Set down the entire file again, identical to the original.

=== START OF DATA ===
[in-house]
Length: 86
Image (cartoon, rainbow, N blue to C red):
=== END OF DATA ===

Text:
[in-house]
Length: 86
Image (cartoon, rainbow, N blue to C red):